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Horne v. Commissioner of Social Security

United States District Court, W.D. Pennsylvania

February 14, 2014

JAMES JOSEPH HORNE, Plaintiff,
v.
COMMISSIONER OF SOCIAL SECURITY, Defendant.

MEMORANDUM OPINION

MARK R. HORNAK, District Judge.

Plaintiff James Joseph Home ("Mr. Home") brought this action pursuant to 42 U.S.C. §§ 405(g) and 1383(c), for judicial review of the final determination of the Commissioner of Social Security ("Commissioner"), who denied his applications for disability insurance benefits ("DIB") and supplemental security income ("SSI") under Titles II and XVI of the Social Security Act ("Act"), 42 U.S.C. §§ 401-403; 1381-1383(f), respectively.

I. BACKGROUND AND FACTS

Mr. Home was born on August 6, 1985. ECF No. 10-2 at 43. He completed one year of education at Pittsburgh Technical Institute and has no vocational or specialized training. Id. at 44; ECF No. 10-8 at 59. Mr. Home worked as a prep cook at various restaurants from 2002 to April 2008. ECF No. 10-2 at 45-47. He suspects that he was terminated from his most recent job at a casino due to physical limitations. Id. at 47-48.

Mr. Home alleges disability as of April 1, 2008 due to bilateral slipped capital femoral epiphyses (a degenerative condition in his hips), severe chronic arthritis, degenerative joint disease, obesity, migraine headaches, hypertension, and pain in his lower back, knees, and hips. ECF No. 13 at 2. The record reflects that he has not engaged in substantial gainful work activity since alleging disability in April 2008. ECF No. 10-2 at 21.

Mr. Home initially filed applications for DIB and SSI on December 3, 2009, in which he claimed total disability since April 1, 2008. Id. at 19. His claims were denied by the State Agency on March 30, 2010. Id. An administrative hearing was held on June 30, 2011 before Administrative Law Judge Guy Koster ("ALJ"). Id. Mr. Home was not represented by counsel at the hearing. Id. After being advised of his right to representation, he chose to proceed without an attorney and testified. Id. Mr. Home's wife, Rebecca, and Samuel Edelman, an impartial vocational expert ("VE"), also testified at the hearing. Id.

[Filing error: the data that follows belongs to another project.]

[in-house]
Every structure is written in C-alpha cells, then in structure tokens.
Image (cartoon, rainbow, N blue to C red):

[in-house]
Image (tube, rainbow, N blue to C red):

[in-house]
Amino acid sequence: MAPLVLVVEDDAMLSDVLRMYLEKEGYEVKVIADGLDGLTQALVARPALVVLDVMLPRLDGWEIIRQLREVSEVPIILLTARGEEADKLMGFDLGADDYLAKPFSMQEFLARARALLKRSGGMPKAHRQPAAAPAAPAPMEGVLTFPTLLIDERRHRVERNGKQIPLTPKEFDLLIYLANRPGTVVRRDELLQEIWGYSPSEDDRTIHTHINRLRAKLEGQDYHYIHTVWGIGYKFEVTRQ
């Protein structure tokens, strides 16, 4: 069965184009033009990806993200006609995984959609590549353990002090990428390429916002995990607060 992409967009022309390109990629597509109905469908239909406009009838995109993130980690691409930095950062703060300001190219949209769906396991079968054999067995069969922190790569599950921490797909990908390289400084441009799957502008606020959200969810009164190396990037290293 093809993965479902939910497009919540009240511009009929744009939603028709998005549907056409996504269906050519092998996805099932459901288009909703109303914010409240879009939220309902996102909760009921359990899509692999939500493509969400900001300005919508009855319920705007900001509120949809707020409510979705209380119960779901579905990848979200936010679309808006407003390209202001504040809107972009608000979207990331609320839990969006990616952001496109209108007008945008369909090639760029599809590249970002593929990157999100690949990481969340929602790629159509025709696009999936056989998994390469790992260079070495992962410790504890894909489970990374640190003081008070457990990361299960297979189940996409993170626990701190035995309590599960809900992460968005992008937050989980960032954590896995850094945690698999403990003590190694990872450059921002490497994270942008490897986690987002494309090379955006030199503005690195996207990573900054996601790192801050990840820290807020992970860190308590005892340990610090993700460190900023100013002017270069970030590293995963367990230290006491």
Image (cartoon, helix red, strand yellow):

On August 19, 2011, the ALJ rendered a decision unfavorable to Plaintiff in which the ALJ found that Plaintiff was not under a disability, as defined by the Act, at any time from the alleged onset date of April 1, 2008, through the date of the decision. Id. at 28. The ALJ's decision became the final decision of the Commissioner on January 2, 2013, when the Appeals Council denied Plaintiffs request to review the decision of the ALJ. Id. at 2-4.

On February 13, 2013, Mr. Home filed his Complaint in this Court, seeking judicial review of the decision of the ALJ. ECF No. 3. The parties have filed Motions for Summary Judgment, ECF Nos. 12 and 17, and respective Briefs in Support, ECF Nos. 13 and 18. Mr. Home has filed a response to the Commissioner's Motion for Summary Judgment. ECF No. 19. He contends that the ALJ erred in numerous respects by failing to find that his condition met or equaled one of the Listed Impairments found at 20 C.F.R. § 404, subpt. P, app. 1, by failing to call a medical expert to testify as to the issue of equivalency to a Listed Impairment, by misconstruing the opinion of the State Agency medical adjudicator, and by failing to adequately develop the record in several ways. The Commissioner contends that the decision of the ALJ should be affirmed, as it is supported by substantial evidence. The Court concludes that the ALJ failed to adequately develop the record and erred in determining Mr. Home's RFC, and will therefore vacate the ALJ's decision and remand the case for further proceedings consistent with this Opinion.